Browser monitors only Take screenshot on successful execution—capture screenshots upon success from public or private locations; this setting is disabled by default. When you enable this setting, screenshots upon success are captured even if the monitor exceeds a performance threshold. If you trigger executions from all locations, screenshots upon success are captured from the first location. You can also capture screenshots upon success for executions triggered via the API.
Note that screenshots are automatically captured upon failure.
Select Trigger now—you see a summary dialog listing the execution locations; the execution list displays new entries for the triggered executions. The Execution stage initially is
Any change you make to monitor script (configuration) is immediately available for on-demand executions on public or private locations.
Note that executions might not all begin at the same time from different locations—executions might take longer to begin from public locations than from private locations. See additional information on throttling below.
There is a mandatory gap per user of 60 seconds between consecutive on-demand exections of a monitor from the same location (whether triggered via the web UI or API).Examples
All these examples assume execution from the same location.
- User A triggers a monitor via API within 60 seconds of triggering the same monitor via UI—throttled.
- User B triggers a monitor via API within 60 seconds of user A triggering the same monitor via UI—no throttling.
- User B triggers a monitor via UI within 60 seconds of user A triggering the same monitor via UI—no throttling.
- User B triggers a monitor via API within 60 seconds of user A triggering the same monitor via API—no throttling.
When triggering multiple on-demand executions via the API, there is a limit of 100 executions per batch.
There's also a limit of 5000 on-demand executions per minute for a Dynatrace environment.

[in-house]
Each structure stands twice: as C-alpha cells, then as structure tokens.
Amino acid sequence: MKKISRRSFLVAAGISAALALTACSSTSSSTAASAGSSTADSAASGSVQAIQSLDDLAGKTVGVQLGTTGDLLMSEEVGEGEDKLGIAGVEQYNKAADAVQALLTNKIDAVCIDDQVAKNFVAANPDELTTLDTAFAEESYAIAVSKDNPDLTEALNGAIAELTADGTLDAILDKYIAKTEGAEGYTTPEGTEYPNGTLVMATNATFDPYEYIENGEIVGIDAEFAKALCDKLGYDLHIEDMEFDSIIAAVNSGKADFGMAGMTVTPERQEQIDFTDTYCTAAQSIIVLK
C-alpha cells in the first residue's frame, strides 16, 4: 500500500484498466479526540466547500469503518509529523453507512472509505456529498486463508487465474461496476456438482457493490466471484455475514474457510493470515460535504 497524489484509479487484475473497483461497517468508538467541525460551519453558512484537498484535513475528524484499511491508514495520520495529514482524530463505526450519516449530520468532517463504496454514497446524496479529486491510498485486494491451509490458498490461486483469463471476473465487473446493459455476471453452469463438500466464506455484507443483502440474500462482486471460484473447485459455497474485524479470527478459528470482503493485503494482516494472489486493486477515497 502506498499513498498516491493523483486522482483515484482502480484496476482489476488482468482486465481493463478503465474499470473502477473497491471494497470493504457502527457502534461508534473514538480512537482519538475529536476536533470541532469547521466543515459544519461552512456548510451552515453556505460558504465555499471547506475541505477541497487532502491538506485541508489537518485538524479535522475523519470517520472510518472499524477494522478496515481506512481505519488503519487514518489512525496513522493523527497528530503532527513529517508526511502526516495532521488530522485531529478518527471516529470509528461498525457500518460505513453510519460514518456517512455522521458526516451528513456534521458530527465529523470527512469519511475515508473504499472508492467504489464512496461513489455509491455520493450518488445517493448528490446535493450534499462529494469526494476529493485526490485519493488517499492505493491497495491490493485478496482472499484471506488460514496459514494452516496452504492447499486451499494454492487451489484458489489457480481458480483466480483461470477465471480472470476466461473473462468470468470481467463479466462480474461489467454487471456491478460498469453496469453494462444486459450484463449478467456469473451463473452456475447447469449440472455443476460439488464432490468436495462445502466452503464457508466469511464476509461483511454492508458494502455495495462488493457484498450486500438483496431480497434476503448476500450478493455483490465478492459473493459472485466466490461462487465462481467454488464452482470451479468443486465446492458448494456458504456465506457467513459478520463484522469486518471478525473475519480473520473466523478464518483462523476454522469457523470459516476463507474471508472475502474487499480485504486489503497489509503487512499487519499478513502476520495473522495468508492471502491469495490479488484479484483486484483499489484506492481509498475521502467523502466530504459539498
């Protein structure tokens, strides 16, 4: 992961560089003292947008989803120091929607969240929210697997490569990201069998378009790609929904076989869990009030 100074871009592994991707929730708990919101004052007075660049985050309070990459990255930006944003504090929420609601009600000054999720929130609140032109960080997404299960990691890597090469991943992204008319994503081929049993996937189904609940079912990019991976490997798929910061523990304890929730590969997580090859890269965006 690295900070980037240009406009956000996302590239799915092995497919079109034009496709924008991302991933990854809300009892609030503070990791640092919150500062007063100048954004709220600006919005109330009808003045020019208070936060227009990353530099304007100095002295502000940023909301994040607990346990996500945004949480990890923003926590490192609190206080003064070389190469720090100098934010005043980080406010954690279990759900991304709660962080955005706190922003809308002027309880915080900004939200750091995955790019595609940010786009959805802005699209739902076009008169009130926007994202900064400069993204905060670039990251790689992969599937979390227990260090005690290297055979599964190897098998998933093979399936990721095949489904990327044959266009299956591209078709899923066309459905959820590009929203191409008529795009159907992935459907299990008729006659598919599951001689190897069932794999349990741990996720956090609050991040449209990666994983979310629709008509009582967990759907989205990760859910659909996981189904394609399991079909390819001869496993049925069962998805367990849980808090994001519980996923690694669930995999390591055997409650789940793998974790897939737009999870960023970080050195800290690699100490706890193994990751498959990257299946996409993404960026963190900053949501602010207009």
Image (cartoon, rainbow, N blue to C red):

Failure to be triggered
On-demand executions might not be successfully triggered for various reasons, for example, when a monitor is disabled, a location is down, or when throttling is in effect for a monitor on a given location.
There are several additional reasons that on-demand executions might not be successfully triggered via the API: monitor deletion, incorrect specification of monitor or location IDs, incorrect specification of related service or application IDs, location deletion, problems with the public Synthetic infrastructure, or problems with your Dynatrace monitoring environment.
If an execution can't be successfully triggered via the UI, the reasons are shown in the Triggering status summary after you select Trigger now. The Execution stage in the execution list is
Not triggered. Details of executions not triggered via the API are returned in the
triggeringProblemsDetails response parameters for the POST request.
Executions that can't be triggered are different from executions that are triggered but can't be executed—see the API section below for information.
List of executions
The list of executions shows all on-demand executions (triggered by any user via the web UI or API) for a given monitor within the last six hours.
- The Execution ID is a unique ID assigned to each execution; if you trigger executions from all locations, each location's execution has a different ID.
- The Triggered column shows the start time of the execution in the logged-in user's time zone.
- Source shows whether the execution was triggered via the web
- The User column shows the Dynatrace user ID of the user who triggered the execution.
- The Location column shows the name of the public or private location from which the monitor was executed.
- Execution stage identifies the different stages of the on-demand execution. The initial value is
Not triggered). When an execution is complete, the value changes to
Executed. Basic results such as duration and HTTP status code are available at this stage. The progress spinner continues to be displayed at the
Executedstage until detailed results are available and the value changes to
- The Result column displays whether the execution was a
Failure(with an accompanying Failure reason).
- You can Rerun an execution with the exact configuration defined, for example, with metadata defined via the API. Besides metadata, other execution parameters replicated are the processing mode, failure for violating a performance threshold, failure due to an SSL certificate issues, and screenshot capture upon success.
- Select the expand button in the Details column to view execution duration, batch metadata like key-value pairs (available via API only), and a link to results.
When the Execution stage in the list of executions changes to
Data retrieved, you can follow the execution details link to view detailed results for the browser or HTTP monitor that was executed.
For browser monitors, you're directed to the Multidimensional analysis page with the data point selected in the scatter plot. On-demand executions are identifiable by shape in the scatter plot as well as by an annotation in the list of data points.